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Jack Boone
Boone pictured in The Buccaneer 1956, ECU yearbook
Boone pictured in The Buccaneer 1956, ECU yearbook
Born (1918-05-28)May 28, 1918
Roanoke Rapids, North Carolina
Died February 6, 1984(1984-02-06) (aged 65)
Greenville, North Carolina

Robert Lee "Jack" Boone (May 28, 1918 – February 6, 1984) was an American football player and coach; most notably he served as head coach for the college football team of East Carolina College (now East Carolina University) for ten years.

Early yearsEdit

Boone was a native of Portsmouth, Virginia, and attended Elon College, where he played on the football team as a halfback from 1938 to 1941, and was co-captain his senior year.[1][2] After his college career, he was signed by the Cleveland Rams in 1942,[3] and played in two games for them.[4] He later served in the US Navy during World War II.[5]

East CarolinaEdit

Boone joined the coaching staff of East Carolina in September 1948, as assistant football coach.[6] He was the college baseball coach for three seasons; his teams posted a 38–23–2 record, for a .623 winning percentage.[7]

In 1952, Boone became head football coach for East Carolina,[8] the ninth in the program's history. That year, the Pirates saw their first action in the postseason when they played Clarion State College in the Lions Bowl, but lost 13–6. In 1953, the Pirates became the North State Conference champions and played in the Elks Bowl, where they lost 12–0 to Morris Harvey College. Boone was named the Coach of the Year in the North State Conference, after his team finished 8–2.[7] Boone's football coaching career lasted ten years, during which he compiled a 49–45–5 record. He was dismissed as head coach in November 1961.[9]

Later yearsEdit

Boone was inducted into the athletic hall of fame of Elon in 1972,[10] and of East Carolina in 1981.[7] He died in February 1984 at Pitt County Memorial Hospital in Greenville, North Carolina.[5]

Head coaching recordEdit


Year Team Overall Conference Standing Bowl/playoffs
East Carolina Pirates (North State Conference) (1952–1960)
1952 East Carolina 6–3–2 4–1–1 L Lions Bowl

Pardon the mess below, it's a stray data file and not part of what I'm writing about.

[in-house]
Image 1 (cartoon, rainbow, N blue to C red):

1953 East Carolina 8–2 6–0 1st L Elks Bowl[11]
1954 East Carolina 5–4–1 3–2
1955 East Carolina 4–5 3–2
1956 East Carolina 2–6–1 2–3
1957 East Carolina 1–8 1–6
1958 East Carolina 6–4 4–4
1959 East Carolina 5–6 3–5
1960 East Carolina 7–3 5–2
East Carolina Pirates (Carolinas Conference) (1961)
1961 East Carolina 5–4–1 4–3
East Carolina:
Total: 49–45–5
Indicates Bowl Coalition, Bowl Alliance, BCS, or CFP / New Years' Six bowl.</br>


  1. Hayden, Wesley (October 22, 1938). "ELON PASTES APPALACHIAN 7-6 IN THRILLING REVENGE BATTLE". Burlington, North Carolina. Retrieved April 1, 2017. 
  2. "Panthers Seek First Win Over Elon Since 1932; Game Set Here". High Point, North Carolina. October 28, 1941. Retrieved April 1, 2017. 
  3. "Jack Boone Signs With Ram Eleven". Asheville, North Carolina. January 23, 1942. Retrieved April 1, 2017. 
  4. "Jack Boone, WB at". Retrieved April 1, 2017. 
  5. 5.0 5.1 "Ex-Pirate coach Boonie Dies". February 9, 1984.,2444265. Retrieved January 30, 2011. 
  6. "Dole Named ECTC Coach". Asheville, North Carolina. February 8, 1949. Retrieved April 1, 2017. 
  7. 7.0 7.1 7.2
  8. "Jack Boone Named Grid Coach At East Caolina". Montgomery, Alabama. April 20, 1952. Retrieved April 1, 2017. 
  9. "East Carolina Coach Jack Boone Dismissed In Surprising Move". Newport News, Virginia. November 21, 1961. Retrieved April 1, 2017. 
  11. "Harvey Triumphs In Elks Bowl Tilt". New York City. January 3, 1954. Retrieved March 29, 2017. 

External linksEdit

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